Sibiu (, German: Hermannstadt, Hungarian: Nagyszeben) is a city in Transylvania, Romania with a population of about 170,000. It straddles the river Cibin, a tributary of the river Olt.

It is the capital of Sibiu County.

Geography and climate

Sibiu is situated near the geographical center of Romania. Set in the Cibin Depression, the city is near to Făgăraş Mountains (about 20 km away), the Cibin Mountains (12 km), and Lotrului Mountains (about 15 km), which border the depression in its southwestern section. The northern and eastern limits of Sibiu are formed by the Târnavelor Plateau, which descends to the Cibin Valley through Guşteriţei Hill.Cibin river and some roads of national and international interest run through Sibiu, which is also an important city for the railway transportation, as the meeting point of east-west and north-south routes.

Sibiu's climate is temperate-continental with average temperatures of 8 to 9° C. The multi-annual average of rainfall is 662 l/mp, and the number of days of hard frost is about 120/year.


The city was founded in 1190 by Saxon colonists settled in the area. It was probably built near a Roman settlement, one that would have come to be known during early medieval age as Caedonia, which might have been deserted at the time of the Saxons' arrival.

In the 14th century, it was already an important trade center. In 1376 the craftsmen were divided in 19 guilds. Sibiu became the most important ethnic German city among the seven cities that gave Transylvania its German language name of Siebenbürgen, and it was home to the Universitas Saxorum, the Assembly of Germans in Transylvania.Common opinion in the 17th century ascribed Sibiu the quality of being the easternmost city to be part of the European sphere; it was also the eastern terminus of postal routes.During the 18th and 19th centuries the city also became one of the most important centers for ethnic Romanians in the region. The first Romanian-owned bank had its headquarters here (The Albina Bank), as did the ASTRA (Transylvanian Association for Romanian Literature and Romanian's People Culture). After the Romanian Orthodox Church was granted status in the Habsburg Empire from the 1860s onwards, Sibiu became the Metropolitan seat, and the city preserved its title as the third most important center for the Church in modern Romania. Between the 1848 Hungarian Revolution and 1867 (the year of the Ausgleich), Sibiu was the meeting-place of the Transylvanian Diet, which had taken its most representative form after the Empire agreed to extend voting rights in the region.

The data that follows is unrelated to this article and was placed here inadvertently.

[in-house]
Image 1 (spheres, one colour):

After World War I, when Austria-Hungary was dissolved, Sibiu became part of Romania; the majority of its population was still ethnic German and Hungarian. After 1990 most of the city's ethnic Germans emigrated to Germany. Among the roughly 2,000 who have remained is Klaus Johannis, who is currently mayor of Sibiu.

Milestones in Sibiu's history

  • 1292 - The first hospital in what is now Romania was opened.
  • 1380 - The first attested school in what is now Romania.
  • 1494 - The first pharmacy in what is now Romania.
  • 1534 - The first paper mill in what is now Romania.
  • 1544 - The first book in Romanian language was printed in Sibiu.
  • 1551 - Conrad Haas' experiment with rockets, the world's first.
  • 1671 - Methane gas was discovered near Sibiu.
  • 1782 - Franz Joseph Müller discovered tellurium.
  • 1795 - The first lightning rod in Southeastern Europe was installed in Cisnădie.
  • 1797 - Samuel von Hahnemann opened the world's first homeopathic laboratory.
  • 1817 - The Brukenthal Museum, the first museum in what is now Romania, was opened.
  • 1896 - The first ose of electricity in Romania, and the first power line in Southeastern Europe.
  • 1904 - The second city in Europe to use an electric-powered trolly.
  • 1928 - The first zoo in Romania.
  • 1989 - The second city in to take part in the Romanian Revolution.


As of approximately 2002, Sibiu has a population of about 170,000. The ethnic breakdown is as follows:

  • Romanians 95%
  • Hungarians 2%
  • Germans 1,6%
  • other 1,4%
Most of the population is of the Romanian Orthodox religion. Protestants and Roman Catholics represent 4% of the population.

  • 25% of the population are over 50 years old